A few weeks ago, Robert Huish was on a jetliner headed for touchdown in Sydney, Australia when the pilot came over the speaker system in the cabin with a warning for passengers.
It was early December, meaning it was the start of summer there, and evidence of a particularly brutal bushfire season was already mounting.
“He said, ‘You’re probably going to see landscapes in Sydney that you’ve never seen before, so be ready for that,’” recalls Dr. Huish, who was headed to the country on academic business related to an adjunct position he holds at Western Sydney University.
Sure enough, in the following weeks, the Dal professor got to experience first-hand some of the intense effects of the mammoth fires spreading across the country’s southeast. Even in downtown Sydney and in the city’s western suburbs, where Dr. Huish spent much of his time, the impacts were visceral.
“The skies were just tainted red,” he says, noting the city’s location in the state of New South Wales — the region most heavily hit so far. “You could not escape the poor air quality and haze.”
A terrible toll
Hot weather, high winds and prolonged drought conditions in Australia have fanned the flames in the country, bringing threats to small towns across states in the region and beyond. Thousands of people have become homeless, with even more people having been evacuated to escape fires that have torched more than 25.5 million acres of land so far — an area slightly smaller than the size of Nova Scotia and New Brunswick combined and about the size of South Korea. Twenty-seven people have died from the fires to date, according to the federal government.
While none of Dr. Huish’s own colleagues or friends there have been directly impacted by the fires, he noted that he saw naval ships harboured in Sydney when he was there — part of active rescue missions picking up stranded victims on beaches along the coast.
The impacts on wildlife have also been severe. Accurate figures are tough to come by at this stage, but one estimate from ecologists at the University of Sydney suggests as many as a billion mammals, reptiles and other wildlife have been killed or injured.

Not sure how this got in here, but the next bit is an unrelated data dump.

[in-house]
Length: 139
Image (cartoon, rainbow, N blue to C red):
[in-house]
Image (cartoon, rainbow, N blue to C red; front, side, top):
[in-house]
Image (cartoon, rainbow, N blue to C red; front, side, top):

“Wildlife, such as kangaroos, were visibly distressed and displaced,” recalls Dr. Huish. “They were trying to get away from the flames and heat."
Lending a hand
For the first time in more than a decade, Canada has sent firefighters to the country to assist with the blazes. Another 140 or so from Canada and the U.S. are expected to join in the coming weeks as Australia faces down a bleak forecast of more hot and dry weather ahead.
There’s been an outpouring of support for Australia from millions of people around the world, with celebrities such as Elton John and Chris Hemsworth as well as business leaders raising tens of millions of dollars in funds to help with disaster management and eventual recovery efforts.
“In any emergency when there’s all this outpouring and a desire to help, the question is what is most effective,” says Dr. Huish.
He notes that some small communities in Australia are already starting to be overwhelmed by physical donations such as food and clothing. Instead, he suggests offering support in other ways. Firefighting, emergency wildlife management and first aid are among the skills in high demand right now, he says. Donations can be made to local firefighting services in the states of Victoria and New South Wales, for instance, or to koala recovery through the Port Macquarie Koala Hospital. Nonprofit GIVIT also has a list of specific items needed by charities and a form for donating money.
With no end in sight for the disaster, Dr. Huish says another way to lend a hand is to raise awareness that this is a political emergency as much as a climate emergency.
“There are a lot of friends and colleagues I have there who are completely enraged in that the government of Australia has ignored climate change issues for so long,” he says. “People are very aware that this is a climate emergency and that it won’t be the last one. And the fact that there is so little done to prepare for it has really angered a lot of Australians.”
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